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The effects of climate change on the harvest


There’s no longer any need to prove it, the climate is changing and the temperature is rising, and that of course includes the vineyards, as we already talked about back in 2016. What are the consequences of climate change for the vines and what solutions are there for the winemakers to combat them?

The heat has brought the harvest earlier and earlier

A recent study by the European Geosciences Union successfully demonstrated a correlation between the rise in average temperatures and the earlier harvests. They did so by using the recorded data collected from the Burgundy wine region since 1354. The study calculated that between 1354 and 1988, the average start date for the harvest was around the 28th September. Since 1988, the year when the inflexion of the temperature curve took place and the temperatures started to increase by more than the average, the average start date for the harvest is now 13 days earlier, on the 15th September.

It’s not just the hot summer temperatures and heatwaves which cause the grapes to ripen faster (sometimes the heat can have the opposite effect and block the maturity), it’s the average temperature throughout the year that is making each stage of the vine’s development earlier.  The bud burst, flowering, and veraison are all happening earlier, as a study by INRA France Agrimer showed in 2017 (donwload the chart – in French).

The debudding happens earlier

The harvest being earlier makes the organisation of the teams and the harvest more difficult for the winemakers, but it’s not the only consequence, nor the most worrying.

The impact of the heat on the harvest

As we just mentioned, the winemakers must reorganise the way they work in the face of climate change, not just for the harvest, but in the methods and techniques used in the vineyard throughout the year. All of the green work is challenged. For example, when the summer is forecast to be hot, the winemakers remove much less leaves than before, so as to not burn the grapes by leaving more shade. The tops of the vines are trimmed more severely to reduce the surface area of foliage, thus limiting the photosynthesis that causes the grapes to ripen too quickly. 

Less leaves are removed

And even before this stage, some winemakers opt to spread mulch in the vineyard as opposed to mowing the grass.This creates a vegetative layer that limits the evaporation of water when it is hot. Research is also under way in some regions to evaluate the planting of grape varietals that mature later and are less sensitive to the heat.

We can also note that other climatic conditions are also impacting the vines.  When the winters are warmer, the bud burst happens earlier, and so any late frosts are more likely to cause significant damage to the buds.  Hail falling from thunderstorms, and droughts are becoming more frequent and intense, increasing the risk of reducing the yield. And then there are new diseases and parasites that are appearing with the warming, as well as shortening the reproductive cycles and the number of generations of insects each year.  The eudemis grape berry moth and leaf hoppers are good examples.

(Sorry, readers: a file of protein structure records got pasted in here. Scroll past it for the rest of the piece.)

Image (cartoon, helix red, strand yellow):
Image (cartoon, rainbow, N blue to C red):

The heat has burn the grapes

Even without all of the above, a summer drought can drastically reduce the yield because, without water, the grapes don’t swell enough and produce less juice to ferment.

The quality of the wine evolves and the characteristics change.  With heat, the level of sugar in the grape must increases, and can give wines with a higher alcoholic degree and less acidity.  For red wines, sometimes it is a characteristic that is sought after, allowing the wine to have stewed fruit aromas rather that fresh fruit.  But it is generally much less desirable for white wines because you need a certain freshness and equilibrium with the acidity.

A few avenues to explore in the face of rising temperatures

In terms of the work in the vineyard, we have already touched on some of the techniques that can be used to fight against the heat and lack of water.  As well as research into new types of grape varietal, studies are underway to produce rootstocks that are more resistant to drought.

On the winemaking side, you can also compensate for the lack of acidity by choosing yeast that is able to produce less alcohol from the same amount of sugar, or by using tartaric acid, although these methods are of course less naturel.  You can also remove some of the alcohol by filtering it through a membrane, but this can also alter the taste of the wine.  Filtering is also possible before the fermentation to remove some of the sugar in the juice.

These procedures are just avenues to explore for the moment, and are not completely satisfactory in that they act in response to the initial problem, that of rising temperatures and global warming.  But they are worth exploring given the acceleration of the rise in temperature over the past few years, as the winemakers are likely to face bigger and bigger threats to their harvest over the coming years.

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